Letters To The Editor


December 23, 2005

Renovations imperil Mt. Vernon's future

Contrary to the charges by Connie A. Brown, Baltimore's acting director of recreation and parks, the Mount Vernon community stands strongly for access for the disabled to the Mount Vernon Place parks ("Serene city park a battleground," Dec. 14).

It is well documented that this community has supported greater access to the parks for years, and we have offered several outstanding design alternatives to accomplish this goal.

We also believe in preserving the Mount Vernon Place parks, which are a national landmark. These two goals can be accomplished together, but the city instead wants to take shortcuts that would destroy these parks.

The city wants to spend scarce dollars on the north portion of the park, which is already accessible to the handicapped.

It wants to install enormous concrete ramps that will attract every skateboarder in the city and put entrances for the disabled in the center of the park near the Washington Monument. That does not make sense to this community or to the disabled residents we have consulted extensively about the issue.

The Sun's article also failed to note that the city's plan might not conform to national standards for historic parks and, if completed, could make all of the Mount Vernon parks ineligible for future major federal, state or private preservation funding.

The parks are suffering from decades of decay and neglect by the city. Doing work that could cut off funding for their restoration could be the death knell for this beloved city asset.

The city's plan for north park does not serve the disabled. And it is likely to deny this community the chance to bring in real resources for restoration and maintenance of the parks.

For these reasons, this community stands against this poorly conceived plan and demands that the city put a halt to it immediately.

Jason Curtis


The writer is president of the Mount Vernon-Belvedere Association.

Disabled excluded from park planning

As a Mount Vernon resident, and as someone who spent two years in a wheelchair, I am outraged by the remark from a representative of the Department of Recreation and Parks that the Mount Vernon community suggested that the disabled "fend for themselves" at Mount Vernon Place ("Serene city park a battleground," Dec. 14).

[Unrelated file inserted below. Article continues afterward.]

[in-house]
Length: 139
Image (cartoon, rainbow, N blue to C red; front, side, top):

As a member of the Mount Vernon-Belvedere Association's Architectural Review Committee, I was present when the Department of Recreation and Parks presented its plan to our community.

I specifically asked its representatives whether they had involved any disabled individuals in their planning process for better access to the parks. They said they had not.

I was shocked by this admission, and extremely disappointed that the department chose to speak for the disabled rather than involve them in the process.

Cathy McDermott


Equality of access more than an idea

Equal access to Mount Vernon Park is not only a reasonable action in this 21st century, it is the law ("Serene city park a battleground," Dec. 14).

Helen Schlossberg Cohen


The writer is a former president of Friends of Mount Vernon Place.

Ramps add barriers for some seniors

I read with interest the article about replacing the steps in Mount Vernon Place with a ramp to make the public space more accessible to the disabled ("Serene city park a battleground," Dec. 14).

Apart from the issue of historic preservation vs. access for the disabled, there is the fact that some disabled citizens are unable to use ramps.

My 90-year-old mother, for instance, finds that steps with a handrail make it much easier to navigate slopes than a ramp - which makes using a walker a clumsy and frustrating experience.

Replacing steps with ramps may help some people but could add barriers for others.

Let's think this through before we add another set of problems.

Daniel A. Koch


Attack on Christmas harms our heritage

I am shocked and outraged to learn from recent news reports and articles that retailers have waged a war on the use of the terms "Merry Christmas" or "Christmas" in any context ("Silent night, holy night," Opinion * Commentary, Dec. 14)

My review of commercial advertisements and newspaper advertisements appears to substantiate that inclusion of either of these terms is no longer politically correct because non-Christians may be offended.

Well, as a Christian, I am offended that my American religious heritage and traditions are being attacked.

America was founded on Christian principles and is known as a Christian nation, and the majority of its people are Christians.

When Christians reside in non-Christian nations, do those countries change their policies to keep from offending the minority? I don't think so.

Retailers want to profit from the Christmas celebration without acknowledging the holiday.

This war on "Christmas" does not affect my faith or the way I will celebrate the birth of my Savior, Jesus Christ.

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